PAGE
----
SKT and Samsung launch the world’s first quantum security 5G phone

(Image credit: SK Telecom)

To keep its users secure in the new landscape of quantum computing, SK Telecom (SKT) has announced the launch of the world's first 5G smartphone equipped with a quantum random number generation chipset. 

SKT has equipped its new Galaxy A Quantum handset – which appears to be a Galaxy A71 5G variant – with the world's smallest quantum random number generator (QRNG) chipset, measuring in at just 2.5 x 2.5 mm.

The QRNG chipset helps smartphone users safely use specific services, by generating pure random numbers. To achieve this a CMOS image sensor in the chip detects the light (photons) emitted by the LED light source.

(Image credit: IDQ)

“With its compact size and low power consumption, our latest Quantis QRNG chip can be embedded in any smartphone, edge and IoT devices, to ensure trusted authentication and encryption of sensitive information.” said Grégoire Ribordy, CEO and co-founder of IDQ, the chip’s developer.

What’s the big deal with quantum computing?

“Using a Quantum Random Generator at the edge is a first step to make wireless and IoT ecosystems quantum-safe and prepare for the quantum computing age."

Grégoire Ribordy, IDQ.

Today, encryption systems tend to rely on the difficulty of breaking down large numbers into prime numbers, in a system known as factoring. On a standard PC it’s a long, expensive process, but quantum computers can easily manage it, which puts all of our data at risk. And security will be of particular importance for 5G phones.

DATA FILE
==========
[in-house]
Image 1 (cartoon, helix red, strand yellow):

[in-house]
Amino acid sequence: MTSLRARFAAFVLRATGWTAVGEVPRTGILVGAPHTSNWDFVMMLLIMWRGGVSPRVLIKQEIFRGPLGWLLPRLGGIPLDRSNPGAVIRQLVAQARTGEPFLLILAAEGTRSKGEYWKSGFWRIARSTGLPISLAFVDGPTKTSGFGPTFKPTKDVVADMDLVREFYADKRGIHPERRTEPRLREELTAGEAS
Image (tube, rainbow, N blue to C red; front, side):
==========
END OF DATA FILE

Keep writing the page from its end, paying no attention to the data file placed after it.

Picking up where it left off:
This has led to a quantum computing arms race, which is currently taking place in the security world, between the black hats, looking to break the encryption of some of the world’s most advanced algorithms, and the white hats, who are trying to find a way to keep them at bay.

“Using a Quantum Random Generator at the edge is a first step to make wireless and IoT ecosystems quantum-safe and prepare for the quantum computing age. Securing smartphones and IoT devices is a top priority for many manufacturers,” explained Ribordy.

SK Telecom plans to expand its offering, so that quantum security can be applied to more services in the future. The plan is to share open APIs on the SK Open API website. In addition, SKT plans to continuously expand quantum security-based services into securing 5G networks, IoT, autonomous driving, and cloud.

“The quantum random number generation chipset is optimized for smartphones with a compact, low-power product,” said Ribordy. “The launch of the Galaxy A Quantum is the first in the mass market where quantum security technology is popular. It is meaningful as an applied example.”

The shipping price for the new Samsung Galaxy A Quantum is 649,000 won, and it will be officially released on the 22nd May, and will be available via the SKT website.

“The launch of the Galaxy A Quantum has rewritten the history of the world's quantum security industry,” concluded Yoo Young-sang, SK Telecom's MNO business manager.

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(Image credit: Future)
Dan Oliver

Dan is a British journalist with 20 years of experience in the design and tech sectors, producing content for the likes of Microsoft, Adobe, Dell and The Sunday Times. In 2012 he helped launch the world's number one design blog, Creative Bloq. Dan is now editor-in-chief at 5Gradar, where he oversees news, insight and reviews, providing an invaluable resource for anyone looking to stay up-to-date with the key issues facing 5G.